Creative Team Building and Leadership Resources - In our Elements

The Art of Money

Monday, August 12th, 2013

Fellow Passengers: This week’s Poetry Passage* (Psalm 49) transports me to a Doc Watson concert I went to a few years ago at Salem College in Winston-Salem. We got there early, and Kim went in to find good seats while I perused the senior art exhibit on display in the foyer. It was an avant-garde folk art theme, with random items pieced together into sculptures placed around the foyer, on the walls, scattered around on the floor. There were pieces of an old swingset that had been taken apart and reassembled, a beehive decorated with beauty parlor tools, etc. Beside each sculpture was a little sign saying “Please Don’t Touch the Art.” I noticed a group of other early birds moving around the exhibit, stroking their beards and making profound comments as they interpreted the meaning and symbolism behind these sculptures. While they were in a corner waxing intellectual about an old rainbow-painted rocking chair with only one rocker, I took out my wallet and placed a ten dollar bill on an empty space of floor. I took one of the “Don’t Touch the Art” signs off the wall and put it down next to the ten spot. The group of art critics made their way over to that part of the foyer, gathered around the bill, and started analyzing. One surmised that the placement was a brilliant statement about the love of money being the root of all evil. Another said he thought the placement might have something to do with disdain for Alexander Hamilton, the nation’s first secretary of the treasury, who created a powerful network of bankers with undue influence on national policy. I jumped into the conversation and said that while the symbolism was a riddle to me, I was impressed at how authentic the bill looked; the artist had gone to great pains in his realism. They agreed, and I wondered if he had gone to the trouble to paint the back side of the bill. As they began their conjectures on this question, I said there was only one way to find out. I reached down and picked up the bill, defying the hands off sign, and showed them the back, as real-looking as the front. As they registered their shock at my action, I gave them more to react to; I took out my wallet, reinserted the bill, and ran off into the auditorium to find Kim, who was saving me a seat.

The Psalmist wasn’t killing time waiting for a Doc Watson concert to start, but he was listening to harp music as he engaged in a discussion of the meaning of wealth and poverty. It was a riddle to be solved, but for the Psalmist, you didn’t need to stroke your beard and engage in a great deal of intellectual rigor to figure out the riddle; the answer could be easily discovered in the obviously temporary nature of financial gain. Had he looked down at that ten dollar bill on the floor, he might have weighed in with his own profound opinion: You can’t take it with you. The ground surface is as far as it can go; it doesn’t make it into the grave and beyond into eternity. People try to beat the limitations of temporal existence; seeking to buy immortality by naming lands and buildings and hospitals and schools. It’s all foolhardy, according to the Psalmist. No matter how well off we are in this world, we are all mortal. Trusting in the abundance of riches is folly. The essence of life is not to be found in the hoarding of material gain.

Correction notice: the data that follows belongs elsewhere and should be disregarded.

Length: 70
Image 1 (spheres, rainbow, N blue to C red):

Doc Watson started his concert with Country Blues, giving voice to a character who lived in a Hamiltonian culture that had not learned the lesson of the Psalmist. Come all you good time people, while I have money to spend. Tomorrow might be Monday and I neither have a dollar nor a friend. When I had plenty of good money, good people, my friends were all standing around. Just as soon as my pocket book was empty, not a friend on earth could be found. In this money-obsessed world we live in, we would do well to listen to musicians like the Psalmist and Doc Watson, who taught and lived a simpler life, built on a different set of riches, relational in nature. Now there’s some art we would all do well to touch.

How about you? Where does this Poetry Passage take you on your journey of faith? Feel free to comment, and share with friends on Facebook, Google+, Twitter, email, etc.



  • August 12, 2013 at 3:19 pm

    I love the way you convey your message, Stan. With the words to Doc Watson’s song and the way you playfully took the “Please do not touch the art” sign with the real ten dollar bill, you made your point clear that we cannot put our trust in money. Yes, we do need money to meet our personal needs, but to make it an idol is certainly not found in the teachings of the Psalmist or of Jesus. I’m always questioning myself each day as to what I really need.

    Comment by Janet Davies

  • August 12, 2013 at 3:37 pm

    Thanks for the good words, Janet. I do enjoy the “playfulness” of life.

    Comment by Stan Dotson

  • August 18, 2013 at 8:25 pm

    I chuckled out loud about your stunt at Salem College, and Nancy said, “what’s that about?” I said, you’ll have to read it for yourself.

    Comment by Ken Sehested

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